Sponsored By

June 7, 2001

6 Min Read
The Troubleshooter, Part 48: Acetal's special needs

This article continues our series of troubleshooting reports from one of the leading on-the-spot problem solvers in the molding industry. Bob Hatch is manager of technical service and customer support for Prime Alliance, the Des Moines-based resin distributor. Before his present assignment, Bob managed a molding operation for 25 years.

This month, as I sat wondering what might make a good story for this issue, a package arrived that fit the bill exactly. The material was a copolymer acetal, but it could just as easily have been a homopolymer. I could see a four-cavity, cold runner, two-plate mold, and small parts. A metal insert was molded into each part, making them look like little metal rods with molded-on bushings. The complaint was that the levels of molded-in stress were too high and the dimensions were going out of the acceptable tolerance range. 

I could see the runner system was way too small for conveying the acetal to the cavities. The parts were edge gated and the toolmaker had put in very shallow flat runners. The main runner was only .055 inch thick and the subrunners were .045 inch. The sprue appeared to be big enough, but it had been cut in half for shipping, so I couldn't determine the actual sprue OD. 

0401i94a.jpg

New measurements: 
Nozzle orifice: .175 inch
Sprue: .200 inch
Runner: .150 inch
Subrunner: .125 inch
Gate depth: .042 inch
Gate width: .075 inch
Land length: .021 inch

Part dimensions were out of spec on these parts because the runner system and gates were too small for acetal.


I could also tell that the gates were much too small for these parts. One of the basic rules of designing for acetal is that it is OK to use small runners, but the gates need to be big. This rule is based on the volume of material needed to fill and pack the cavities and adjust for the quick freeze time of acetal.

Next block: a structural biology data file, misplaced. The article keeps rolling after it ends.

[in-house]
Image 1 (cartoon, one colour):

Another rule to remember is that when using an edge gate, that gate should be fed with a full round runner. Also, the gate needs to come off the center—not the edge—of the full round runner. The gate needs to be sized for the part wall thickness, with an emphasis on depth and land length. For parts like these with .080- and .090-inch wall thicknesses, I typically suggest a gate depth of .060 to .075 inch. 

Since the parts do not require a lot of volume, I would make the width of the gate the same as the depth and then use a land length of .030 inch. But as I looked at the parts again, I could see that the ring they were gating into was not as thick as other areas on the part, which changed my gate sizing numbers. The rib that was gated into was only .055 inch thick, so my gate depth would be 75 percent of this number, or .042 inch. 

Since gating was into the thin rib, I figured I would compensate by making the gate wider than I normally would to allow for the volume requirements of the thicker wall sections. Because of this, I would recommend a gate width of .075 inch and a land of half the depth, or .021 inch. At these sizes, the gate was .042 inch deep and .075 inch wide, with a .021-inch land length. 

When designing for acetal it is OK to use small runners, but the gates need to be big.

Next, I sized the runner, sprue, and nozzle orifice. I always start with the runner that feeds the gate, and I wanted this runner to be 1 1/2 times larger in diameter than the thick section of the part. In this case, I could see that .080 inch was the thickest the wall got, so I made the subrunner that fed the gate .125 inch. The main runner that fed the subrunners needed to be somewhat larger, but not so big as to create extra regrind. Therefore, I would suggest a main runner diameter of .150 inch. The sprue OD would then need to be .200 inch and the nozzle orifice would be .175 inch.